If you have paid attention to the NFL’s often backhanded approach to the issue of concussions in the sport over the past few decades, none of this will come as much of a surprise to you.
For all intents and purposes, the league has in the past attempted to cover up the long-term impact of players’ brain health relating to the violence within the game itself.
This has led to multiple lawsuits being filed against the NFL. It’s also led to inquiries from the most powerful political power players in the United States.
Now according to ESPN’s Outside the Lines, this effort to cover up what has to be seen as a serious issue around the football world has been taken to a whole new level.
“At least a half-dozen top NFL health officials waged an improper, behind-the-scenes campaign last year to influence a major U.S. government research study on football and brain disease, congressional investigators have concluded in a new report obtained by Outside the Lines,” the report read.
This isn’t your normal lobbying of the Congress, something that’s about as shady as it gets in and of itself. Instead, it seems to be a widespread effort from the NFL to influence a scientific study on concussions surrounding the game of football.
The report continued …
“The 91-page report describes how the NFL pressured the National Institutes of Health to strip the $16 million project from a prominent Boston University researcher and tried to redirect the money to members of the league’s committee on brain injuries. The study was to have been funded out of a $30 million “unrestricted gift” the NFL gave the NIH in 2012.”
Once the National Institutes of Health (NIH) decided against removing the individual in question, the NFL itself pulled this funding — a decision that forced taxpayers to foot the bill.
Using your power and financial resources as a way to direct a scientific study. Doing so in the face of continued evidence that Chronic traumatic encephalopathy (CTE) is widespread among former NFL players. Well, that’s about as shady as it gets.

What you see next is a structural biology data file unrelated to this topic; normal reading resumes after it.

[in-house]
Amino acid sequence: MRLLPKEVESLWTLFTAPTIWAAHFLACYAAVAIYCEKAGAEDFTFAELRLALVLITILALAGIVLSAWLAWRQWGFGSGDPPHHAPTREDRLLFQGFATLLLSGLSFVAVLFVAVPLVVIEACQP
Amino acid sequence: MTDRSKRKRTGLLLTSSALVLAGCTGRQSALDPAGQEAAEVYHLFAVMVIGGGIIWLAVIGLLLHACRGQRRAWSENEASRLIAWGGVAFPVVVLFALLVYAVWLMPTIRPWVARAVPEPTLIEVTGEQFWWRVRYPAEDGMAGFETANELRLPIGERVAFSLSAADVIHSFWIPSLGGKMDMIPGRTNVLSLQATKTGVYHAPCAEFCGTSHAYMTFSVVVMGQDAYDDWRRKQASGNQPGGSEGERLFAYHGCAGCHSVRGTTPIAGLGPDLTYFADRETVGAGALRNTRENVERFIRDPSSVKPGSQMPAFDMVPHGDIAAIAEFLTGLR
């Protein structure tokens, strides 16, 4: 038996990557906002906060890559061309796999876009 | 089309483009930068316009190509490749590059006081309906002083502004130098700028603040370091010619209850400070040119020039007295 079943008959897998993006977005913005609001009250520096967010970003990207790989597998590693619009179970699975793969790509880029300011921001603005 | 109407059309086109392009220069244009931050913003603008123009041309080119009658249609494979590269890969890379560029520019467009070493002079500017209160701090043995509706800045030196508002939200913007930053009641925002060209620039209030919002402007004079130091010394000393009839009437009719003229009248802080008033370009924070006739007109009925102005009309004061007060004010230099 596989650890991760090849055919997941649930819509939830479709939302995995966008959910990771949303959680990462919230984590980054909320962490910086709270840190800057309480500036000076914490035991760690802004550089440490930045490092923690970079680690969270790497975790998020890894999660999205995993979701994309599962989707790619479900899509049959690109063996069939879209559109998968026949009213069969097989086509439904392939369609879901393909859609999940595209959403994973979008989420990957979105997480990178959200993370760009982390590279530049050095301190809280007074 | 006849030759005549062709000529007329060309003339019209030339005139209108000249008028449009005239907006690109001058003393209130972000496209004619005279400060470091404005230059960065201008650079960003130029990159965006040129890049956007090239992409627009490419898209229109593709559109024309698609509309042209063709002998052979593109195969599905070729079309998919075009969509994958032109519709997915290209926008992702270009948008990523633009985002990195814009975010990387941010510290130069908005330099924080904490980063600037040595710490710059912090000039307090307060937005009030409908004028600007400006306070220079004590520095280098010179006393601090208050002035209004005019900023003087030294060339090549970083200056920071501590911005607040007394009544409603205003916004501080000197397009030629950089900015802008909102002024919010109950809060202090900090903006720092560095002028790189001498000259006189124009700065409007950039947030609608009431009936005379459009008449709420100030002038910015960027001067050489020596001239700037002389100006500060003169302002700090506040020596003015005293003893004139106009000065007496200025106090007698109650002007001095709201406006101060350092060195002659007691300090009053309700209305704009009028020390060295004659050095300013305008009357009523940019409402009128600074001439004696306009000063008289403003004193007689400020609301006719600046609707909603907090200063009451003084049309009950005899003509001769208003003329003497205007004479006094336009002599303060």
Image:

This comes after multiple former NFL players have committed suicide while afflicted with the progressive degenerative brain disease.
Unfortunately, the league’s “lobbying” of those in power within the government didn’t stop there.
“The NFL was warned that taxpayers would have to bear the cost of the $16 million study and that the NIH would be ‘unable to fund other meritorious research for several years’ if the league backed out,” the report continued. “The NFL offered a last-minute, $2 million payment after an intermediary suggested a partial contribution would “help dampen criticism.” The NIH turned down the offer.”
This came at the same time that the NFL itself was redirecting $16 million in funds to come up with its own study on the long-term impact of repeated blows to the head — a study that obviously was going to be tilted in the league’s favor.
“Once you get anybody who’s heavily involved with the NFL trying to influence what kind of research takes place, you break that chain that guarantees the integrity, and that’s what I think is so crucial here,” U.S. Rep. Frank Pallone Jr (D- New Jersey) told Outside the Lines. “Fortunately, the NIH didn’t take the bait. It shouldn’t be a rigged game.”
It’s looking more and more like the NFL’s primary goal here is to draw conclusions based on its own pre-set narrative regarding concussions and the game itself, leaving its former players out in the cold in the process.
All the while, the league was attempting to influence a government study on the hot-button topic.
Can you say unethical?